“We’re all frustrated. We’re in this business to try to make our community safer, and it’s a very uncomfortable discussion when we interact with our neighbors and our friends and our community members and they look at us, like, ‘What are you doing?’” Novak said in an interview. “I don’t know how many more murders and auto thefts and whatnot we need to show that it doesn’t work.”
John Novak is Anchorage’s district attorney. He says that by loosening bail requirements and reducing prison sentences, Senate Bill 91, the 2016 criminal justice legislation, made it harder for law enforcement to keep Alaskans safe. (Photo by Nat Herz / Alaska’s Energy Desk)
Novak said he disagrees with the premise that it makes sense to reduce prison sentences for nonviolent criminals; prosecutors have cited federal data that showed a significant number of people imprisoned for drug crimes to be later arrested on charges of violent crimes.
Novak said some people will object to his position as supporting “mass incarceration.”
“Putting people behind bars for doing crimes of violence, pointing guns at people, stabbing people, assaulting people, putting people in the hospital – I would submit that that’s a good thing,” he said. “Particularly if they’re in their prime time crime time years, their twenties.”
Before this year, lawmakers had already repealed many elements of SB 91, including in a 2017 special session called by former Gov. Bill Walker – before all of SB 91’s provisions had even taken effect. A new Department of Corrections unit created by SB 91 to supervise defendants released on bail before trial, for example, didn’t take effect until the start of 2018.
Now, near the end of this year’s legislative session, HB 49 would reverse more provisions of SB 91, including by lengthening prison terms. One element under consideration would make second-time drug possession a felony. Altogether, the legislation could cost the state tens of millions of dollars a year and force the reopening of a shuttered prison in Palmer, according to the Dunleavy administration.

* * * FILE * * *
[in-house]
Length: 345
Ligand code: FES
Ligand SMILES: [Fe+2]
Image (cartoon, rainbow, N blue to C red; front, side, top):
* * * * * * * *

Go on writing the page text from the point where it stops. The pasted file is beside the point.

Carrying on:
Eva Gregg, a recovering alcoholic who was volunteering at the Anchorage re-entry center last week, said that boosting prison sentences comes with a social cost, too.
Addressing state lawmakers, she said: “I’d really ask them: If you were the alcoholic and if you were the addict, is that where you would want to be sent because of the things you’re doing to support your alcoholism, your drug addiction?”
“Have some empathy,” added Gregg, 52.
Eva Gregg, 52, volunteers at Partners for Progress’ re-entry center in downtown Anchorage. She says lawmakers considering tough-on-crime measures should think about where they’d want to be sent if they were caught committing crimes to support a drug or alcohol addiction.
Cathleen McLaughlin, who runs the re-entry center, said she’s worried about lawmakers throwing out parts of SB 91 that she thinks have been working – like boosting support for programs outside of prison, like hers.
McLaughlin said the big failure of the legislation was not in reducing sentences, but in not doing even more to ease released prisoners’ access to speedy treatment for mental health problems or drug addictions.
“We have to acknowledge that we have not lived up to that promise of SB 91,” McLaughlin said. “We refer people all the time to get assessments and treatment – they’re never timely.”
McLaughlin said some of her center’s clients have severe mental health problems.
And until they’re stabilized, she added, it’s likely they’ll go on to commit more crimes – tougher sentences or not.